Get ready for another 3 and 1/2-day week. And it will be a busy one with a stacked line-up of reports on manufacturing, housing, and consumer confidence.
Here’s your Monday Scouting Report:
- GDP. There will always be naysayers sceptical of reports as strong as last week’s GDP report. For what its worth, BMO Capital’s Jennifer Lee notes that all of the popular adjusted GDP metrics still hit multiyear highs. “Real gross domestic purchases (or GDP ex net exports) grew 4.1% annualized (was estimated at 3.0%), the second quarter in a row of 4%-plus gains. Final domestic demand (or GDP ex inventories and net exports) grew 4.1% annualized (was estimated at 3.2%), a four-year high. Final sales (or GDP ex inventories) grew 5.0% annualized (was estimated at 4.1%), an eight-year high.”
- Dallas Fed Manufacturing Activity (Mon): Economists estimate this regional manufacturing index slipped to 9.0 in December from 10.5 in November. “The headline index in the New York Fed manufacturing survey fell sharply in December,” UBS’s Kevin Cummins noted. “The details of the report were also especially weak, except the employment index, which remained positive. The Philadelphia Fed headline index also fell in December but did not show nearly the same degree of weakness as NY.”
- S&P/Case-Shiller Home Prices (Tues): Economists estimate home prices climbed by 0.40% month-over-month in October or 4.35% year-over-year. “Figures released by data provider CoreLogic suggest that home selling prices in the 20 major metropolitan areas covered by the S&P/Case-Shiller survey jumped by 1.1% in October — the largest increase in 12 months,” Societe Generale economists estimated. “Most of that gain likely reflected seasonal adjustments, however. Indeed, before seasonal adjustment, home prices probably edged just 0.2% higher during the reference period, placing the latest reading of 174.0 an unchanged 4.9% above the level recorded in October 2013. Our forecast, if on the mark, would leave home prices roughly 17% below their pre-Great Recession high.”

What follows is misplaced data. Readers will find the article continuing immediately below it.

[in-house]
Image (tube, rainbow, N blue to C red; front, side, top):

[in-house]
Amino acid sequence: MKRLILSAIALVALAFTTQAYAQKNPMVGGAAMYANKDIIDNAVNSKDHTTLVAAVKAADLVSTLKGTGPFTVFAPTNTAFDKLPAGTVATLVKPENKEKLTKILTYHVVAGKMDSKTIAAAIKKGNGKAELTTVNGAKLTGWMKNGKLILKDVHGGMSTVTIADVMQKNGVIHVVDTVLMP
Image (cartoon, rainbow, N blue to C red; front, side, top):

- Consumer Confidence Index (Tues): Economists estimate this measure of sentiment jumped to 94.0 in December from 88.7 in November. “The index fell to 88.7 last month after hitting a seven-year high of 94.5 in October,” Credit Suisse economists noted. “We forecast a December level of 93.0 given significant further declines in gasoline prices and generally positive news on job prospects. Possibly limiting the upside would be the recent financial market volatility sparked by negative news from abroad.”
- Initial Jobless Claims (Wed): Economists estimate the weekly jobless claims climbed to 287,000 from 280,000 a week ago. “With jobless claims consistently trending below 300k and withheld income tax receipts growing at a 6%-plus annual pace, the outlook for consumption remains highly positive,” Deutsche Bank’s Joe LaVorgna said.
- Chicago PMI (Wed): Economists estimate this activity index was unchanged at 60.8 in December. “The Chicago business barometer index has been volatile recently, but has remained over 60 for the past four releases,” Nomura economists noted. “The new orders and order backlog sub-indexes remained elevated in November, providing support for future activity.”
- Pending Home Sales (Wed): Economists estimate pending sales climbed by 0.5% in November. “MBA applications for purchase rose 4.5% m/m in November, and the NAHB buyer traffic measure rose to 45 (from 41), both indicating a rise in pending home sales on the month,” Barclays economists said.
- The US stock markets will close at 2:00 p.m. ET on Wednesday and they will be closed all day Thursday.